04 Jul 2019
#HealthBytes: Five must-have food items for vegetarians
Vegetarians often suffer from deficiency of certain nutrients, like protein, iron, zinc, omega-3 fatty acids, and specific vitamins such as Vitamin D and B-12, as they are mainly obtained from meat sources.
However, if you choose to be a vegetarian, you can still have a balanced and nutritious diet.
Here are five must-have healthy foods for vegetarians.
Soy is one of the most wholesome food groups out there.
All soy-based food items are great sources of protein, so much so that their protein content is high enough to compete with their non-vegetarian counterparts.
Furthermore, they are rich in essential nutrients like calcium, iron, magnesium, potassium, dietary fiber, important vitamins, and healthy fats.
So, get more of soybeans, tofu, and soy milk.
Whole grains are a great pick for vegetarians, as some of them are fortified with Vitamin B-12 (which is quite rare in vegetarian food).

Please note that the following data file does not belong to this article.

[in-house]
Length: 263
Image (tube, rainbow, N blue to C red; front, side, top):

Apart from that, they are also rich in iron, calcium, Vitamin B, and zinc.
Also, the insoluble fiber present in them is known to reduce risk of cholesterol, digestive problems, and even colon cancer.
Nuts, nut-butters, and other seeds are great protein-rich options for non-meat eaters.
With just a handful of nuts (25-30 grams), you get 5-7 grams of protein, depending on the type of the nut or seed variety.
Further, they are also rich in fiber, healthy fats, iron, calcium, magnesium, and phosphorus.
But, don't munch on too many if you are trying to lose weight.
Leafy green veggies
Unlike other veggies, dark leafy greens (read spinach, broccoli, kale, collards) supply great amounts of iron. In addition, they are also rich in antioxidants, folic acid and Vitamin A, which are all great for your health.
Among other benefits, these veggies are known to improve digestive health, maintain good eyesight, boost skin health, and even aid in weight loss.
Lentils and pulses
Another way to get proper nutrition and stay healthy for vegetarians is by including more lentils, pulses, and beans in their diet.
According to Harvard School of Public Health, one cup of cooked lentils contains nearly 18 grams of protein and 15 grams of fiber, with virtually no saturated fats or sodium.